profile-default

Erin Sahlstein Parcell

Associate Professor
 (414) 229-3127
 Johnston Hall 226

Education

PhD, Communication Studies, University of Iowa
MA, Communication, University of Wisconsin-Milwaukee
BA, Speech Communication, Iowa State University

Research Interests

My research currently centers on communication within and about military families. Emerging from my interests in long-distance communication, I have studied military family communication across deployment (pre, during, and post), and recently started a project focusing on LGBT+ service members’ and spouses’ experiences within the military pre- and post- Don’t Ask, Don’t Tell and the repeal of the Defense of Marriage Act. I primarily employ qualitative methods for my research (e.g., in-depth interviews) but have participated in several meta-analyses and survey design studies. I encourage students, both graduate and undergraduate, to contact me if they are interested in joining my research. My future projects will continue addressing military family topics as well as other long-distance relationships. I am also interested in studying parenting, specifically disciplining children and why parents choose to use certain tactics over others.

Courses Taught

Graduate:
Marital and Family Communication
Conflict Management
Qualitative Methods
Long-distance communication

Undergraduate:
Issues in Interpersonal Communication
Long-distance Communication
Marital and Family Communication
Conflict Management
Research Methods

Selected Publications

Sahlstein Parcell, E. M. (2015, July (3rd Quarter/Summer)). Research at the intersections of military and communication: A preview and review. A communication perspective on the military: Interactions, messages, and discourses. New York, NY: Peter Lang.
Sahlstein Parcell, E. M., & Webb, L. M. (2015, July (3rd Quarter/Summer)). A communication perspective on the military: Interactions, messages, and discourses. New York, NY: Peter Lang.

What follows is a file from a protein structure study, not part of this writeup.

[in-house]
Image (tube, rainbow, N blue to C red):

Sahlstein Parcell, E. M. (2014, January (1st Quarter/Winter)). Domain and taxonomic analysis as a way to analyze qualitative data: Using Spradley’s semantic relationships as a means for studying long-distance friendship. Manning, J., & Kunkel, A. (Eds.). Qualitative studies of interpersonal communication: Method, context, and analysis, 106-110. Los Angeles, CA: ). Los Angeles, CA: Sage.
Sahlstein Parcell, E. M., & Maguire, K. C. (2014, February). Comfort, cliques, and clashes: Family readiness groups as dilemmatic sites of relating during wartime. Journal of Social and Personal Relationships, 31, 497-515.
Sahlstein Parcell, E. M., & Maguire, K. C. (2014). Turning points and trajectories of military deployment. Journal of Family Communication, 14(2), 129-148.
Sahlstein Parcell, E. M. (2013, July (3rd Quarter/Summer)). Trajectories Research in Family Communication: Toward the Identification of Alternative Pathways for Inquiry. Journal of Family Communication, 13(3), 167-177.
Sahlstein Parcell, E. M., & Maguire, K. C. (2013, October (4th Quarter/Autumn)). Family relationships as more than blood: Military families as dialectics and discourses. Marrow, S. R., Leoutsakas, D. A., & (Eds.). More than blood: Today’s reality and tomorrow’s vision of family, 174-182. Dubuque, IA: Kendall-Hunt.
Mcguaire, K. C., Heinemann-LaFave, D., & Sahlstein Parcell, E. M. (2013). “To be so connected, yet not at all”: Relational presence, absence, and maintenance in the context of a wartime deployment. Western Journal of Communication, 77, 249-271.
Sahlstein Parcell, E. M., Maguire, K. C., & Timmerman, L. (2009). Contradictions and praxis contextualized by wartime deployment: Wives’ perspectives revealed through relational dialectics. Communication Monographs, 76, 421-442.